Sports lies easy to tell, swallow

This may have escaped your notice, but there's a guy who has been making the rounds of the Ohio State party scene in Charlotte, N.C. -- surprisingly thriving, by all accounts -- by claiming that he was an All-American tight end for the Buckeyes in the late '70s. He became a headliner at game-watching parties, taking photos with a lady on each arm, because when you get right down to it, who wouldn't want to hang out with a bald guy with an unfamiliar name who claims to have caught a touchdown in the Rose Bowl?

Giovanni Strassini was good too. He kept the charade going for two years. Among his fake accomplishments was an 8-yard touchdown catch in the 1976 Rose Bowl. He said he was drafted by the Browns, and who would make that up? Clearly, details were important to Strassini, perhaps as a means of keeping anyone in Charlotte from attempting to verify a completely verifiable lie.

Sports -- and not just sports at Rutgers -- make people do stupid things.

You probably know a guy like Strassini. Maybe not as brazen, but you've been in a conversation with someone who makes a bold statement about his athletic past that has made you wonder. And if you've been around youth sports at all, I can almost guarantee you've met someone who has created a reality that isn't so real.

I honestly wish I kept a file of ridiculous and false claims to athletic achievement I've heard. I swear this is true: One of the dads from our little league used to wear an Ohio State jersey and tell people he played tight end. He wasn't Strassini, but I'm pretty sure his claims were just as legitimate.

Over the years, I've become something of a connoisseur of the grand claim. I'm kind of a hyperlocal version of Snopes. My penchant -- let's call it a harmless hobby -- for fact-checking every boast that's checkable has earned me the rightful title of Chief Cynic around the house. It's not the only reason, but it's one of the reasons baseball-reference.com is bookmarked.

Most bogus claims of athletic feats are innocuous, just some guy trying to convince everybody he played "a couple of years in the minors" so you'll take him seriously when he yells at the umpire. But in some cases, I consider my fact-checking obsession to be a form of community service. Not everyone is harmless. The outrageous growth of the youth sports industrial complex is enough to send everyone who's not being paid to give pitching or batting lessons into an irretrievable depression. Seriously, what's wrong with you? Every parent with a checkbook is practically begging you to take his money.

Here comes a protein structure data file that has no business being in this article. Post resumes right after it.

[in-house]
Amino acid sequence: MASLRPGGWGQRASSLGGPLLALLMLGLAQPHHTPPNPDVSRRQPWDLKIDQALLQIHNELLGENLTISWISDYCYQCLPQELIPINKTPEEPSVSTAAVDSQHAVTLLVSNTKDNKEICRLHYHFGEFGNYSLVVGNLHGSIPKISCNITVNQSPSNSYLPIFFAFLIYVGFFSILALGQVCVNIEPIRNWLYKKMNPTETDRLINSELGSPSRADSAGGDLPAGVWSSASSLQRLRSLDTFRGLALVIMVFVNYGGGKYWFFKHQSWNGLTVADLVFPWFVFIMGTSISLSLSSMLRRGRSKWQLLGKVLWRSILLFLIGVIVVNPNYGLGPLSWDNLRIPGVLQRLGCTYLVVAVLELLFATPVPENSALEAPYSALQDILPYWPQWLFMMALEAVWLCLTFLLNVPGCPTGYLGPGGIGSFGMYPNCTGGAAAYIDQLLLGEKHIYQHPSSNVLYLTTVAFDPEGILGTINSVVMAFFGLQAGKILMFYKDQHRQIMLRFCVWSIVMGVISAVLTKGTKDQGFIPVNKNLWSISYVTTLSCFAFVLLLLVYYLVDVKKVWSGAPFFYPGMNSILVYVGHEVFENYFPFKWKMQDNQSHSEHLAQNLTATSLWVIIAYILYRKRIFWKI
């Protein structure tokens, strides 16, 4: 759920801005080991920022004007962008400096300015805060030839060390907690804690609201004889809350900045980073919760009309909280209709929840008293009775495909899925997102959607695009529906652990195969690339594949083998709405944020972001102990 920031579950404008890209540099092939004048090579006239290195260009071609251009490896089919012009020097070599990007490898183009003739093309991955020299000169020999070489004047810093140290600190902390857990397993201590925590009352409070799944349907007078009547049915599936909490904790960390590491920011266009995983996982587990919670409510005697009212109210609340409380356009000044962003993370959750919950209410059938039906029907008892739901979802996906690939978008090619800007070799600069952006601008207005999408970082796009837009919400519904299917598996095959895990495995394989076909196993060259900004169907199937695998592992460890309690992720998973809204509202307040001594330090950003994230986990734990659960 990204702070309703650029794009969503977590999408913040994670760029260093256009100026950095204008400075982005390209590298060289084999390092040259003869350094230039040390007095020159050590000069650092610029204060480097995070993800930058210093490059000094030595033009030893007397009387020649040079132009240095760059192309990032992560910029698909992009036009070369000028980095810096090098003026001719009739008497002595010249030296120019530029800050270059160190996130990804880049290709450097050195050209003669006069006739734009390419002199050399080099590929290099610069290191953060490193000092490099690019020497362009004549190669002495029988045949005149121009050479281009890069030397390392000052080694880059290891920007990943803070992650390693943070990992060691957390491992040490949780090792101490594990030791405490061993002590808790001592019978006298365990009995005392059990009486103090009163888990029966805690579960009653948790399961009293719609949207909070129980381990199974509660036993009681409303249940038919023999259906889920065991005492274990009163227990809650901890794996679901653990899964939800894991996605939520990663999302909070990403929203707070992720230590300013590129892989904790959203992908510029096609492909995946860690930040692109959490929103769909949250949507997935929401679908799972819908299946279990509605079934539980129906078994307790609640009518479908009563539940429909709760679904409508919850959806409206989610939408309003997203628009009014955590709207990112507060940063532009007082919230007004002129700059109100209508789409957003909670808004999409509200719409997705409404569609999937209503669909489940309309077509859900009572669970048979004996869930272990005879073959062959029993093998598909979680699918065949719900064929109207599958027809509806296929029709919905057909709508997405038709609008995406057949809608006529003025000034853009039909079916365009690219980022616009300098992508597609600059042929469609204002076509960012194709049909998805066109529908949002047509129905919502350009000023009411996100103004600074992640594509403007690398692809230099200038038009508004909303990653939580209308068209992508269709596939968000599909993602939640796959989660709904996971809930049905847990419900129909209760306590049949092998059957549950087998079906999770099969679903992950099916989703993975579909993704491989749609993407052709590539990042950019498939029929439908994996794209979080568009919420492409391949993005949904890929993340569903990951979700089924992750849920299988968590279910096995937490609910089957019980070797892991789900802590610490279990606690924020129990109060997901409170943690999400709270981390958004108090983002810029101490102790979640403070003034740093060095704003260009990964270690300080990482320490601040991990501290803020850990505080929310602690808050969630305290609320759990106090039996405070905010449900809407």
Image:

And so, naturally, there are a million guys strutting around saying they "got drafted but blew out my shoulder" or "played pro for three years before my dad made me come home and work in the family irrigation business." Rare is the guy who actually downplays whatever it was he accomplished on the field or the court; the exaggeration has become the lingua franca of sports. But hey -- for $100 an hour, maybe it's worth it.

Or maybe not. There's a lawsuit in Texas -- of course there is -- in which parents claim their son was kept off the high school varsity lacrosse team because they weren't willing to support the coach's "side business" -- a training service with high-end camps and recruitment services. (The coach's name is Kevin Barnicle, which is precisely what Kurt Vonnegut would have named a guy selling "recruitment services" to gullible parents of high school athletes.)

The lawsuit, filed in February, names the coach and the clinic founder, who is also being singled out for falsely claiming he was an All-American lacrosse player at St. John's and caught an 8-yard touchdown pass in the Rose Bowl. Wait … wrong guy. The lawyer for the clinic founder says his client "may have inflated his experience, but we don't think he lied." So he said he was an All-American lacrosse player at St. John's when he wasn't, and he apparently admitted under oath that he never even attended college.

No, he didn't lie. He just kind of created his own reality and stretched it out from there. Which means that, in at least one lawyer's parallel universe, nobody in the history of man has ever told a lie.

Parents "inflate the experiences" of their kids, but we've been conditioned to expect that over the past 25 years. Thanks to guys like Barnicle, everybody's kid is getting recruited by someone for something or other. Once, the father of a junior varsity football player told me his son had been named to the all-league first team. "They have all-league for JV?" I asked, knowing the answer. He stammered for a moment before blurting out, "They sent him a medal in the mail."

Everybody's got a story, and sometimes the mouth just runs ahead of the brain, like a dog on a retractable leash. If you're in your 40s and want to remake yourself, creating a rich sporting history is probably the way to go. Nobody can tell what you looked like 25 years ago, and if you tell people you used to be a world-renowned physicist, they're either going to ask you to prove it or ask you why you stopped being one.

Thirty years ago, it was a lot easier to get away with a good story, but you know what they say about sports? Anything's possible.

But what about Strassini? What's the story behind his story? My guess is he just wanted to be somebody. And he was, too, probably for far longer than even he expected.